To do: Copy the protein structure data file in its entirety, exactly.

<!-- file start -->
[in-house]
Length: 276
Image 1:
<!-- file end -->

[in-house]
Length: 276
Image 1: